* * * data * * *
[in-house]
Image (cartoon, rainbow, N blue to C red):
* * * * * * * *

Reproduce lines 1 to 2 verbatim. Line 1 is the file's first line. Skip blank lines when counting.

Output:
[in-house]
Image (cartoon, rainbow, N blue to C red):